Group of Experts Claims Saturated Fat Does Not Cause Heart Disease

Category: Health


Unlocking Word Meanings

Read the following words/expressions found in today’s article.

  1. contradict / ˌkɒn trəˈdɪkt / (v) – to go against something or someone

    The mayor contradicted the people’s plans because he had other objectives.

  2. editorial / ˌɛd ɪˈtɔr i əl, -ˈtoʊr- / (n) – a published article that states an opinion

    She expressed her beliefs about politics in her recent editorial.

  3. unorthodox / ʌnˈɔr θəˌdɒks / (adj) – different from what is usually done or accepted

    The company’s president has an unorthodox way of running his business.

  4. plaque / plæk / (adj) – harmful material that can form in one’s blood vessels

    The doctor told him that eating fatty foods could lead to plaque build-up.

  5. adamant / ˈæd ə mənt, -ˌmænt / (adj) – having a strong belief in one’s own opinion

    She is adamant that politicians cannot be trusted.


Read the text below.

A group of doctors recently wrote an editorial that contradicts traditional beliefs about saturated fat.

Saturated fat, a type of fat commonly found in cheese and butter, is widely perceived to be unhealthy. However, the editorial published by the British Journal of Sports Medicine claims that saturated fat is not directly linked with heart disease. Dr. Aseem Malhotra, lead author of the editorial, explained that heart disease cannot be prevented by merely reducing saturated fat. Instead, he recommended walking for 22 minutes a day, minimizing stress, and eating “real food.”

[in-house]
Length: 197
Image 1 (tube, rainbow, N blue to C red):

Dr. Malhotra’s unorthodox opinion, however, is not welcomed by many health experts. Both the American Heart Association (AHA) and the World Heart Federation (WHF) emphasize that too much saturated fat may cause plaque to block blood vessels and eventually lead to heart disease.

A Harvard study also negates the said editorial. To test the effects of saturated fat intake, Harvard researchers monitored the diet of 126,000 people. Results of the study showed that death rates dropped by as much as 19% after reducing the consumption of food that contained saturated fat.

Most health experts are adamant that the editorial is not based on scientific research. However, Dr. Malhotra emphasizes that even though he is not against saturated fat, he also promotes medically-accepted lifestyle programs. These include the Mediterranean diet that requires consumption of more fruits, vegetables, chicken, fish, and grains. On the other hand, AHA recommends reducing saturated fat intake as well. According to them, saturated fat should be limited to 13 grams per day. Among food items that contain saturated fat are beef, lamb, pork, cream, and milk.

Viewpoint Discussion

Enjoy a discussion with your tutor.

Discussion A

• Which study about saturated fat do you believe? Why?
• Do you think proper diet is enough to reduce the risk of heart disease?

Discussion B

• What makes a medical study credible?
• Do you know other medical studies or findings that contradict some traditional beliefs?